18. Greenfield C, Aguilar Ramirez JR, Pounder RE, Williams T, Danvers M, Marper SR, Noone P: Clostridium difficile and inflammatory bowel disease. Gut. 1983, 24: 713-7.

    Article  CAS  PubMed  PubMed Central  Google Scholar 

  19. Farrokhyar F, Swarbrick ET, Irvine EJ: A critical review of epidemiological studies in inflammatory bowel disease. Scand J Gastroenterol. 2001, 36: 2-15. 10.1080/00365520150218002.

    Article  CAS  PubMed  Google Scholar 

  20. Demling L: Is Crohn's disease caused by antibiotics?. Hepatogastroenterology. 1994, 41: 549-51.

    CAS  PubMed  Google Scholar 

  21. Mahdavi J, Sonden B, Hurtig M, Olfat FO, Forsberg L, Roche N, Angstrom J, Larsson T, Teneberg S, Karlsson KA, Altraja S, Wadstrom T, Kersulyte D, Berg DE, Dubois A, Petersson C, Magnusson KE, Norberg T, Lindh F, Lundskog BB, Arnqvist A, Hammarstrom L, Boren T: Helicobacter pylori SabA adhesin in persistent infection and chronic inflammation. Science. 2002, 297: 573-8. 10.1126/science.1069076.

    Article  CAS  PubMed  PubMed Central  Google Scholar 

  22. Wong SS, Woo PC, Luk WK, Yuen KY: Susceptibility testing of Clostridium difficile against metronidazole and vancomycin by disk diffusion and Etest. Diagn Microbiol Infect Dis. 1999, 34 (1): 1-6. 10.1016/S0732-8893(98)00139-4.

    Article  CAS  PubMed  Google Scholar 

  23. Pelaez T, Sanchez R, Blazquez R, Catalan P, Munoz P, Bouza E: Abstr. 34th. Intersci. Conf. Antimicrob Agents Chemother. 1994, 50-abstr. E-34

    Google Scholar 

  24. Brazier JS, Fawley W, Freeman J, Wilcox MH: Reduced susceptibility of Clostridium difficile to metronidazole. J Antimicrob Chemother. 2001, 48 (5): 741-2. 10.1093/jac/48.5.741.

    Article  CAS  PubMed  Google Scholar 

  25. Drummond LJ, McCoubrey J, Smith DG, Starr JM, Poxton IR: Changes in sensitivity patterns to selected antibiotics in Clostridium difficile in geriatric in-patients over an 18-month period. J Med Microbiol. 2003, 52 (Pt 3): 259-63. 10.1099/jmm.0.05037-0.

    Article  CAS  PubMed  Google Scholar 

  26. Pituch H, Obuch-Woszczatynski P, Glinka D, Lazinska B, Meisel-Mikolajczyk F, Luczak M: Assessment of susceptibility to metronidazole and vancomycin of Clostridium difficile strains isolated between 1998–2002. Med Dosw Mikrobiol. 2003, 55 (3): 253-8. Polish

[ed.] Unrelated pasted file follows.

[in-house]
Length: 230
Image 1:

CAS  PubMed  Google Scholar 

  27. Ackermann G, Degner A, Cohen SH, Silva J, Rodloff AC: Prevalence and association of macrolide-lincosamide-streptogramin B (MLS(B)) resistance with resistance to moxifloxacin in Clostridium difficile. J Antimicrob Chemother. 2003, 51 (3): 599-603. 10.1093/jac/dkg112.

    Article  CAS  PubMed  Google Scholar 

  28. Pinto LJ, Alcides AP, Ferreira EO, Avelar KE, Sabra A, Domingues RM, Ferreira MC: Incidence and importance of Clostridium difficile in paediatric diarrhoea in Brazil. J Med Microbiol. 2003, 52 (Pt 12): 1095-9. 10.1099/jmm.0.05308-0.

    Article  CAS  PubMed  Google Scholar 

  29. Jamal WY, Mokaddas EM, Verghese TL, Rotimi VO: In vitro activity of 15 antimicrobial agents against clinical isolates of Clostridium difficile in Kuwait. Int J Antimicrob Agents. 2002, 20 (4): 270-4. 10.1016/S0924-8579(02)00180-2.

    Article  CAS  PubMed  Google Scholar 

  30. Alcantara CS, Guerrant RL: Update on Clostridium difficile infection. Curr Gastroenterol Rep. 2000, 2: 310-314.

    Article  CAS  PubMed  Google Scholar 

Pre-publication history

Download references


Written consent was obtained from the patient for the publication of patient's details. This work was supported by grants NIH 1 P20 RR15577, and NIH 1 P20 RR16478 from the National Institutes of Health, and a grant from FAIR, the Fund for Arthritis and Inflammatory Research Inc.

Author information

Authors and Affiliations


Corresponding author

Correspondence to Michael Centola.

Additional information

Competing interests

The author(s) declare they have no competing interests.

Authors' contributions

All authors contributed equally to this work. All authors read and approved the final manuscript.

Authors’ original submitted files for images

Below are the links to the authors’ original submitted files for images.

Authors’ original file for figure 1

Rights and permissions

Reprints and Permissions

About this article

Cite this article

Miner, J., Gillan, M.M., Alex, P. et al. Steroid-refractory ulcerative colitis treated with corticosteroids, metronidazole and vancomycin: a case report. BMC Gastroenterol 5, 3 (2005).

Download citation

  • Received:

  • Accepted:

  • Published:

  • DOI:


  • Inflammatory Bowel Disease
  • Ulcerative Colitis
  • Vancomycin
  • Metronidazole
  • Inflammatory Bowel Disease Patient